Wednesday, 11 October 2017 20:46

Rapha Brevet Insulated Jacket with Polartec Alpha Tested and Reviewed Featured

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I was supposed to be going cycling in the Dolomites in July. A perfect chance to test the Rapha Brevet with it's Polartec Alpha insulation I hoped. For various reasons sadly that didn't happen and so I searched  for the opportunity to give this snazzy piece of kit a good test. It stood up to South Wales summer drizzle quite admirably but I wasn't sure that was enough of a test for something that costs £150 and it certainly wasn't testing the Polartec Alpha. I know I've got it. This year's touring was taking in the mountains of both Serbia and Montenegro. Perfect.

When I walking, skiing, climbing or staggering between bars my usual choice of insulation is down. The feel, lightness and ease of compressibility make it ideal for most outdoor activities. Many of the issues of the past. such as being useless when wet have been addressed by water repelling etreatments, which has also increased the ease of caring for down garments. I don't like it on the bike though. It feels a little restrictive, too warm and I'm dubious if it could stand up to the demands that cycling brings to a garment.

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So we look at synthetic and perhaps the best known player in this field is Polartec. Found in jackets, fleeces, gloves etc etc. Polartec Alpha has been designed to work in both the "stop & go" phases. For those of you not fluent in outdoors industry jargon, it works whilst engaging in the activity and whilst resting. Polartec Alpha claims to have increased breathability and lightweight warmth. Bold claims indeed and if true ideal as the insulation on the lightweight Brevet.

The Brevet itself is well, styled like a Rapha piece of kit. It has that hipster vibe about it but I'll be honest the black (no whatever Rapha say it is NOT dark navy) piece I chose is a beautiful understated jacket. Classy and wonderfully made. The DWR coating provides a surprising amount of waterproofness and the hardly noticeable reflective details come alive when needed.

The Brevet features a long tail for extra protection, a secret pocket for valuables and packs into a band on the neck. Not that I could be bothered with that, far more impressive to me is it's extremely light weight.

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So all in all this should be good so off to Serbia we went this autumn. First day it rained so I donned the Brevet. I wore it constantly for over a week. With extremes of temperature ranging from 0-15 in the 1500 metre plus peaks of the Balkans the Brevet was a dream. The Polartec Alpha worked at maintaining core temperature and only on the last two days when temperatures hit 20 did I ever start to feel sweaty. I simple tug on the zip helped to ventilate on the long, steep climb out of Tara Canyon and I was thankful that I hadn't taken it off when the cold hit on the climbs to the Ski resorts of Zlatibor and Zlabjak especially with the howls of the local wolf pack being heard on the horizon.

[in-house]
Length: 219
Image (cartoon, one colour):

If I had to find fault then the sleeves felt cold on the descents of a morning or evening and I had to wear arm warmers underneath and also at £150 the price is slightly painful (although currently the Rapha website is selling for £120)

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Sizing wise it's snug. My small certainly fitted me better in Tivat at the finish than Belgrade at the start but insulation actually works better when there is less air so that's how things should be really.

I've worn and tested insulated cycling kit before, whilst I've seen some benefits I've never really considered it quite right. The look, feel and comfort factors are just missing something. Perhaps the Rapha Brevet using Polartec Alpha has found it. Almost perfect in the changeable conditions of the mountains, looks good on or off the bike and it doesn't flap in the wind. The Brevet has become a go to piece of kit; I just can't commit to growing a daft enough beard to go full hipster.

 

Last modified on Friday, 13 October 2017 09:22
Stu Thomas

A former bank worker now working for a major national outdoor company Stu is an avid mountain and road cyclist and tests kit for MyOutdoors around the BreconBeacons and South Wales. As a member of South Wales Mountaineering Club stu, along with partner Julie (who also tests for us) also both climbs and walks. When not tearing up mountain bike trails Stu can be found on the road either commuting by bike or taking part in muscle draining sportives in the Peak District.

With his retail experience and insight Stu is able to help us with real time buying trends and reviews based on a wide range of kit for comparisons. Stu has also started writing for MyOutdoors Blog, first documenting his "conversion" to a road cyclist and soon to be reliving some of his recent cycle tours that have taken in both the Balkans and Estonia/Latvia. You may even be able to pick him out in photos of wild camping in Magillicuddy's Reeks on the site - Stu gets around!

Preferred activities: Hillwalking ,mountain biking, road cyclingg, climbing, skiing

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